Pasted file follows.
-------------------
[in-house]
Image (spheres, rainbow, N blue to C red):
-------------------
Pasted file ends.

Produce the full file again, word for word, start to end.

[in-house]
Image (spheres, rainbow, N blue to C red):